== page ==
Calls to close Hinkley Point
Bridgwater Mercury website, 24 October 2006
SOMERSET'S troubled Hinkley Point power station must never open again, anti-nuclear protestors warned this week.
Both the station's advanced gas-cooled reactors are currently shut down due to cracks in a reactor's graphite core and deterioration of boiler pipes.
Engineers are busy working on the problems, but documents released this week under a Freedom of Information Act request suggested British Energy cannot make a safety case for the graphite core to cover the next ten years of the plant's life, as it will not last that long.
The report, which was privately published in July by the Nuclear Installation Inspectorate, has provoked calls from staunch Hinkley opponents to shut down the plant, which provides 3% of the country's electricity, for good.
Jim Duffy, spokesman for Stop Hinkley, said: "Here we have a graphic description of the damage to the reactor core, which the regulators say fails to meet fundamental nuclear safety requirements.
"This was written before the surprise discovery of severe boiler tube cracks, which greatly compounds the safety risk. Reading it all made a cold shiver run down my spine. Hinkley must be finished now."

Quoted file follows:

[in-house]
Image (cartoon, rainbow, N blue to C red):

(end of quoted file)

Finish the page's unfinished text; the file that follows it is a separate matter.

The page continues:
The power station has had a torrid year at the hands of campaigners after being forced to bring forward its three-year statutory inspection after cracks were found in the identical Hunterston plant in Scotland.
A statement from British Energy said: "All British Energy nuclear power stations operate under safety cases agreed and signed off by the Nuclear Installations Inspectorate. Without this safety case approval, our stations would not operate.
"The documents reflect only a fragment of the ongoing dialogue that British Energy has with its regulator.
"The graphite cores are made up of a number of graphite bricks arranged in layers. It is accepted that cracks will occur in some of the bricks as part of the normal ageing process within the graphite reactor core."
Hinkley B's two advanced gas-cooled reactors are scheduled to close in 2011.